A deeper look at Washington State’s personnel makes its transformation this season all the more storybook-like. The Cougars’ roster is made up entirely of three-star recruits and lower. Over the course of Ethridge’s five seasons, she’s brought in a wealth of international players. The Cougars’ starting lineup against UCLA in the Pac-12 title game featured athletes from Canada (Tara Wallack), Estonia (Johanna Teder), Rwanda (Bella Murekatete), Australia (Ula Motuga) and New Zealand (Charlisse Leger-Walker).

“We all are a bunch of kids that committed to WSU based on our love for the sport and our love for the program,” Motuga told Yahoo Sports. “And I think that’s ultimately what has gotten us so much success. The fact that we all love each other, and we play hard for each other, and, obviously, we play hard for our coaches. And I think that’s just something that you don’t always see in other conferences and amongst other teams.”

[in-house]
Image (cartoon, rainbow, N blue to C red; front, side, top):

Washington State head coach Kamie Ethridge, center left, Ula Motuga, center right, and the team celebrate after winning the Pac-12 tournament title on March 5, 2023, in Las Vegas. (AP Photo/David Becker)
Washington State head coach Kamie Ethridge, center left, Ula Motuga, center right, and the team celebrate after winning the Pac-12 tournament title on March 5, 2023, in Las Vegas. (AP Photo/David Becker)